</tr>
        </table>
    </body>
</html>

Note that you can use a CSS pseudo class instead of the "last" class that I used, depending of what browsers you want to be able to support.

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This is about the best that can be done within the limitations of how table works. –  Marc Audet Sep 11 '13 at 13:51

According to the CSS specification:

CSS 2.1 does not specify how cells that span more than one row affect row height calculations except that the sum of the row heights involved must be great enough to encompass the cell spanning the rows.

Reference: http://www.w3.org/TR/CSS2/tables.html#height-layout

However, you can come close with something like the following.

For example, if you have a 4-row table:

<table>
    <tr>
        <td rowspan="4">The left stuff...</td>
        <td >Row A and some more text for demo.</td>
    </tr>
    <tr>
        <td >Row B</td>
    </tr>
    <tr>
        <td >Row C</td>
    </tr>
    <tr>
        <td class="last">Row D</td>
    </tr>
</table>

apply the following CSS:

table {
    border: 1px dotted blue;
    width: 300px;
    table-layout: fixed;
}
td {
    vertical-align: top;
    height: 10px;
}
td.last {
    background-color: beige;
    height: auto;
}

Set a small length value for the td height. The table cells treat height values as minimum value so a small value mimics a shrink-to-fit effect.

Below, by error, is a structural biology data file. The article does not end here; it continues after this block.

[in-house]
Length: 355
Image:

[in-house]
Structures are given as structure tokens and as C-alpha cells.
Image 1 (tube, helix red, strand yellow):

For the last (bottom) table cell, set height: auto and this lets the cell expand in height. It is not clear from the CSS specification that this should work and the results may be browser dependent. (I tested in Firefox.)

See demo at: http://jsfiddle.net/audetwebdesign/jrCHj/

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Unfortunately, I cannot get it to work in my code. I'll try to upload my code in a separate message. –  Thomas Michanek Sep 11 '13 at 15:06
    
The fiddle works, so there must be something simple that you missed in the style sheets someplace. –  Marc Audet Sep 11 '13 at 15:12
    
I feel really stupid for asking this, but how do I provide the code? If I paste the code and try to apply Code from the "menu" here, I get an error telling me to add 4 spaces to each line ??? –  Thomas Michanek Sep 11 '13 at 15:17
    
You need to indent all code lines by 4 spaces to get it to look right. Best to update your original post instead of posting as a comment. –  Marc Audet Sep 11 '13 at 15:19
    
I tried to update the original post. I'm sorry, but I really cannot sit and manually add 4 spaces to each line. There surely must be a simpler way? –  Thomas Michanek Sep 11 '13 at 15:24

Try set <td style="height:1%"> for all cells except the last one in the second column. For me working perfectly, at least in Firefox.

http://jsfiddle.net/Sy6vH/

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If you try this out on a table, you will see that it does not work as you expect. –  Marc Audet Sep 11 '13 at 13:41